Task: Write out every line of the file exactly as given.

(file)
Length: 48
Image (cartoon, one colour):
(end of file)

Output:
Length: 48
Image (cartoon, one colour):